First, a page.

It was a prudent decision. In February, Hybrid Air Vehicles beat the aviation behemoth Lockheed Martin to win a £315m contract from the US Department of Defense to manufacture craft for use in military surveillance. “Planes run out of gas after about 18 hours, but this thing can sit at 20,000ft and look down on the bad guys for three weeks,” Dickinson enthuses.

“What we’ve got here is the rebirth of the British airship. A 100% sustainable vehicle that can, in various forms, take 1,000 tons of cargo across oceanic distances, using less than 25% of the fuel of a conventional aeroplane.” The huge financial injection from the Pentagon means that more aircraft may eventually be built for other purposes, such as transporting aid: “It just needs a big patch of flat ground to land on, or a marsh.”

This, lest we forget, is the singer of one of Britain’s biggest bands, less than an hour after coming offstage. Dickinson, as Steve Harris notes, is a “one-off”. Born to a working-class family in Worksop, Dickinson’s parents eventually made enough from running a hotel (his father also ran a garage) to send him to a boarding school, Oundle, in Northamptonshire. He struggled to fit in, and became increasingly “fascinated by rockets and submarines and airships — anything that was not on Earth”.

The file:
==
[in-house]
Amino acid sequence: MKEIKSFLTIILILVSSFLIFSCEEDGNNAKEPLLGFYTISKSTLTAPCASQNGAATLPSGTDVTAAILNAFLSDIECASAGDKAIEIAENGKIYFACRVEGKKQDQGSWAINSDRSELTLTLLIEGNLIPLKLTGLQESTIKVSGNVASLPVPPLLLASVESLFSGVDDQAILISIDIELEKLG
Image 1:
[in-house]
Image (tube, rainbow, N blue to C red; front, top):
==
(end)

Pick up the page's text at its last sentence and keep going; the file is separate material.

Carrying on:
Perhaps if the mini-skirted girls who are literally hurling themselves through the hotel’s revolving front doors had swotted up on aviation they might have engaged him. Or they could have mentioned fencing — he was once ranked seventh in Britain at the men’s foil discipline. Or literature — Iron Maiden songs are full of literary references: Aldous Huxley, Edgar Allan Poe, Samuel Taylor Coleridge. Dickinson has written books too, pseudo Tom Sharpe romps featuring a transvestite aristocrat, Lord Iffy Boatrace (not his finest hour).

But no. The girls’ main tactic is to pretend to trip before falling theatrically to the floor then gazing expectantly at the band to help them up. It doesn’t work. The doormen usher them back outside. Not now, madam, can’t you see Bruce is discussing trigonometry? (We really did discuss “trig” — he was useless at school, but eventually mastered it when training to be a pilot.)

The following afternoon, Dickinson flies everyone to Bali on Ed Force One. “Takeoff is pretty intense,” he tells me beforehand. “The old heartbeat racks up to some astronomical number and your eyeballs are out on stalks. You’ve got to have your wits about you. Same thing with landing. The further you get away from the Earth, the more you can actually relax and enjoy it.”